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South Texas Living

School actively participated in war collection effort

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Rudy Elizondo
July 30, 2014 | 3,507 views | Post a comment

In past articles, I have written of many activities that our school participated in to help in the war effort during World War II. We collected newspaper, iron, and aluminum. We sang in school band concerts to collect money for the war effort.

Price of admission was purchase of war bonds or war stamps. Students were asked to purchase one war stamp per week. Our high school bused us to surrounding farms to help harvest crops since able-bodied men were in the service. Our Boy Scout troop assisted in the display of a miniature Japanese submarine captured in Hawaii. We also planted and tended a victory garden next to our Scoutmaster’s home a few blocks from school.

We learned the songs of all the services: the songs of the U.S. Army (the U.S. Army Air Corps was part of the Army; Congress had not created the U.S. Air Force yet), the U.S. Marine Corps, the U.S. Coast Guard, the U.S. Navy (“Anchors Aweigh”), and also our national anthem and our state song, “Texas, Our Texas.” No, it wasn’t “The Eyes of Texas.” We even learned the song, “There’ll Always Be an England.”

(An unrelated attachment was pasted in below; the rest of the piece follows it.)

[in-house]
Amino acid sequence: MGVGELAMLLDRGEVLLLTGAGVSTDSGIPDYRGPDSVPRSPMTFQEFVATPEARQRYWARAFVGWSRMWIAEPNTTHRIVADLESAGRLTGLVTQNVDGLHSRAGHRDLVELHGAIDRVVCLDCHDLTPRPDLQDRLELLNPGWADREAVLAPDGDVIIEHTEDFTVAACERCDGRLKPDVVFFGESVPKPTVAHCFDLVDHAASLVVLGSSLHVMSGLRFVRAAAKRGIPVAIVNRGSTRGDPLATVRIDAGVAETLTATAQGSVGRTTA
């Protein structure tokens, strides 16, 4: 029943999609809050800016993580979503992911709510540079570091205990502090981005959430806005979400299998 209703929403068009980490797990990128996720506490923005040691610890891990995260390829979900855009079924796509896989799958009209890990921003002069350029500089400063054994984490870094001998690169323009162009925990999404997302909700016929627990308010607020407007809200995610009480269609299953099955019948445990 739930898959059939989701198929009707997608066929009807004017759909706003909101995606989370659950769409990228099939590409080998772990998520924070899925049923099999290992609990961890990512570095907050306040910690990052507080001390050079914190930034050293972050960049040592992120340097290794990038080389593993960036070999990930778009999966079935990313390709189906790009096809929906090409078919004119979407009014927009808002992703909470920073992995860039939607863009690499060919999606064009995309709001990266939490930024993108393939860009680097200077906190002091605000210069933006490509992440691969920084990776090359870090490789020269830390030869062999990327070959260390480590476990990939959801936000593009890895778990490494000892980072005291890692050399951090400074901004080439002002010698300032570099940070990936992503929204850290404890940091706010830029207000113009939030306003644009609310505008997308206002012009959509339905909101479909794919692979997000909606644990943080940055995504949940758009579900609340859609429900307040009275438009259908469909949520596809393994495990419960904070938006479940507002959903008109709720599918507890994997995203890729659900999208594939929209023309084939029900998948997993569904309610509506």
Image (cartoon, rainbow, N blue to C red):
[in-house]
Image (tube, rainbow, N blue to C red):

We once attended an assembly in the high school auditorium where a visiting Royal Air Force pilot told us about England’s involvement in the war. On another occasion, we attended an assembly to hear a sailor speak of his experience in a Navy submarine. He spoke of how a sailor had required an emergency appendectomy without the assistance of a doctor and with the use of galley knives. He survived.

Three cheers for the Red, White, and Blue.

Rudy Elizondo is Julia Castro’s nephew and formerly of Floresville.

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